Why The Louvre Is Moving The 'Mona Lisa' To a New Location

The Louvre is eyeing a new home for Leonardo da Vinci’s Mona Lisa. According to a new report, the museum’s crown jewel is at the center of renovation plans aimed at quelling “disappointment” over the artwork’s crowded viewing experience. Per the French newspaper Le Figaro, the da Vinci masterpiece—currently housed in the museum’s Denon wing—would be relocated to its own separate chamber in the basement of the institution.

Reportedly, the renovation would allow guests to bypass the famous glass pyramid entrance in favor of two underground entry points: one for the Mona Lisa and the other for temporary exhibitions. The budget for the museum’s overhaul is estimated to be €500 million but could see a potential reduction due to efforts by French President Emmanuel Macron to curb state spending.

“We don’t welcome visitors very well in this room, so we feel we’re not doing our job properly,” Laurence des Cars, director of the Louvre, explained. “Moving the Mona Lisa to a separate room could put an end to public disappointment.” de Cars also mentioned that the renovation would allow guests to have a more pleasurable viewing experience with the other works that are kept near the Mona Lisa, like Veronese’s The Wedding Feast at Cana, which she says is obscured by selfie poles.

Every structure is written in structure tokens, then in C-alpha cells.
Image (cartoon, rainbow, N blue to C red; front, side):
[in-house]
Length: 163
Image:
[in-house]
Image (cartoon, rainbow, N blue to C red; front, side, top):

Vincent Delieuvin, the Louvre’s chief curator of 16th-century Italian painting, echoed de Cars’s statement. “We’ve been thinking about it for a long time, but this time everyone is in agreement,” he told Le Figaro, adding that “It’s a large room, and the Mona Lisa is at the back, behind its security glass, so at first glance it looks like a postage stamp.”


The painting, which depicts the Italian noblewoman Lisa del Giocondo, receives around 30,000 visitors daily with wait times that can run up to two hours. It is kept behind bullet-proof and anti-reflective glass which, in addition to temperature and humidity settings, can cause quite an unpleasant viewing experience. No wonder online reviews of the portrait often deem it as “the world’s most disappointing masterpiece.” Art lovers have also long complained that the painting overshadows the other artwork displayed nearby.

In January, the Mona Lisa was at the center of a protest in which activists from Riposte Alimentaire threw pumpkin soup at the painting. While the painting was not damaged, the country’s culture minister Rachida Dati called the event an “attack” on “our heritage.” Looks like a new home might be the best for all parties.


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